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Cummings & Goings XI by Jim Cummings

July 23, 2007 02:44 AM

Even a player as good as Federer can't beat the machine. In his extraordinary Wimbledon final with Nadal, he requested a Hawk-Eye challenge and when his challenge was not upheld, asked the umpire to turn Hawk-Eye off because he had no doubt in his mind the ball was out. Request denied. The human eye, no matter how good, has its limitations. Hawk-Eye has proved its worth.
 
You had to be impressed at how good the line umpire's calls were throughout the tournament. It did my heart good to actually hear the crowd applaud one call that was reviewed. What about the calls that were overturned? I saw no review that was not a few hairs breadth away from being right. The officials at Wimbledon did a remarkably good job within all the restraints of human limitations. Will the day ever come when line umpires are a thing of the past? I doubt it. For one thing, the system is too costly to be used in the hundreds of matches that are played in a big tournament. And systems do go down. What then? But Hawk-Eye is here to stay and the way it is being used adds a nice dimension to the entertainment package.
 
The Federer incident reminded me of a time I was in the chair for Monsieur  McEnroe. He was receiving serve and on a first serve that had been called a fault by the service line umpire, made a big show of overruling the call. The procedure at that time, and probably yet today, was that you went with a player's call against himself. And that's what I did, even though the line umpire's call was correct! The serve hit smack on the sideline about an inch or so behind the service baseline. Looking across the line, Mac saw a blend of lines where the ball hit. The service umpire looking down the line saw the separation and I saw it also from my vantage point in the chair. Too bad there was no Hawk-Eye at the time to back us up. Rest assured I gave that service umpire a surreptitious look to let him know he had nailed the call. Players like Federer and McEnroe have exceptional eyesight, but less anyone forget, they are still human. Another thing, the officials on those matches are no slouches either.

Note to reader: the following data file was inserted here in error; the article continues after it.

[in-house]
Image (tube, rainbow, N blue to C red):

Watching Wimbledon, I sometimes found it hard to follow the ball when it blended in with the worn grass. Watching the French Open was even harder because the ball picks up the clay granules and quickly takes on the color of the court. A friend once asked if using a dark-colored ball had ever been considered. Intriguing thought, no?
 
For the life of me, I can't figure out why officials have to make the same measurements over and over every time they put in singles sticks. The rule has been the same ever since I can remember; the sticks are placed 36 inches from the outside edge of the singles sideline. Why can't the tennis industry stipulate that a permanent mark be made for the sticks on all new court construction? Why can't permanent marks be sprayed on existing courts where singles sticks are frequently used? Just think of all the time and effort that could be saved, if, for instance, this were done at Flushing Meadows in time for the Open? Save an umpire's aching back!
 
Speaking of aches, Serena's aching wrist all too painfully reminded me of the time I had to have my wrist reconstructed in 1990. I was still on the shelf the following year when I went to Saddlebrook as captain of Mid-Atlantic's team in the National Sectionals. John Powless, former U of W  tennis  coach, was there demonstrating Wilson racquets and I told John about my wrist problem. Without hesitation, he gave me a Wilson 3.8 Hammer to try. The results were gratifying. Would you believe that with all the hundreds of new racquets that have come on the market since that time, I am still using a Wilson 3.8 Hammer today? I'm down to two, now, and they have been out of production for many years, but the way I hit the ball these days compared to back then, that should be no problem. The point of this story is that if you are having a physical problem hitting the ball, there might be a racquet out there that could help you.
 
Along the same line, my flat foot was killing me one day and I was noticeably limping while roving a county high school championship tournament. One of the coaches, noticing my plight, recommended I try a pair of New Balance 800s. Holabird Sports was on my way home and the manager is a friend of mine. I stopped there and asked Sol if he could recommend a shoe that would help my foot. He went in the back room and came out with a pair of New Balance 800s. Without exaggeration, when I put them on, it was like putting on a new foot. If the shoe fits...

By:  Jim Cummings 7/21/2007

Jim Cummings Bio:
   Born in Marinette, WI
   Boyhood friend of the Cook family
   Played varsity tennis for UW-Madison in the 50s
   Officiated at over 25 US Opens as a chair and line umpire
   Served on USTA's Rules Committee when Jack Stahr and Nick Powel were Chairs
   Active senior player and Referee
   Presently helps edit the Friend At Court
   zjimc@msn.com

 

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